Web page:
Cline also points out a problem with earlier solutions: “We had a big wake-up call in 2001 when one of our early customers told us that we had to meet hand-coded RTL and beat it to make it on the chip. This meant that we had to be able to get the same or better performance, better overall area, and do it in less time!”

Erickson adds that “We now have the capabilities to start at HLS and consistently meet or beat the QoR of flows that start with handwritten RTL for any class of design.”

The statement ‘any class of design’ is an important change. “One constraint was that early HLS tools only handled datapath designs, leaving all of the control to be done in RTL,” says Cline. “Today, that is not true with most modern tools handing nearly 100% of all RTL design requirements.”

Bishop expands on this problem. “By only being able to improve productivity to the datapath portions of designs, overall productivity gains were subject to Amdahl’s law,” he says.

Market size
Cline looks back on those early estimates and says “In the early days, it was estimated that most of the logic synthesis market would be a viable target for HLS. Ultimately, RTL logic synthesis would be commoditized or added to the HLS process. Approximately, 50% to 60% of that business would convert, which is somewhere around $150million to $200 million per year.”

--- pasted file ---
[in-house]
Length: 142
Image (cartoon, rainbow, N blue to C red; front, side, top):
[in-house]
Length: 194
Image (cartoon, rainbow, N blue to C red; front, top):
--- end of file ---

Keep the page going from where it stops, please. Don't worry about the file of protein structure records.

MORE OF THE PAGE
Kavvadias sees a different market reality. “I would say that the estimated market has risen from a few million USD to maybe 30 million to 50 million USD.”

McCloud agrees. “When Gary Smith’s numbers come out later this month, HLS will break $30M for the first time with significant year-to-year growth.”

So can Cline’s number ever happen? “By moving other capabilities from the RTL flow, we expect that this market can be between $500 million and $1 billion per year in the next 10 years,” he says.

Verification support
These days, many designs are being constrained by the difficulties associated with verifying functionality at the system level. RTL simulators have run out of steam, and waiting for the implementation to be complete is too late in the process. Almost all of the vendors recognize the value and importance of tying synthesis into the verification picture.

“HLS is a key enabling technology for the early use of emulation and FPGAs,” says Harper. “And, more and more, that’s fundamental to addressing early, high-speed firmware development and verification.”

Erickson adds, “If a company implements HLS alongside a metric-driven verification methodology that allows them to do most of the verification work at the SystemC/TLM level, they see great benefits.”

In fact, the creation of a virtual prototype is itself becoming an essential element of the flow so that software development and integration can happen while the hardware is being designed and implemented.